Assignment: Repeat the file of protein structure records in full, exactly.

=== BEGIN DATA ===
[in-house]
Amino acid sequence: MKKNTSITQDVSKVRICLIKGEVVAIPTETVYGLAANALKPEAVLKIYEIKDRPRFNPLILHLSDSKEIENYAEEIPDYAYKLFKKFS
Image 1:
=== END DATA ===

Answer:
[in-house]
Amino acid sequence: MKKNTSITQDVSKVRICLIKGEVVAIPTETVYGLAANALKPEAVLKIYEIKDRPRFNPLILHLSDSKEIENYAEEIPDYAYKLFKKFS
Image 1: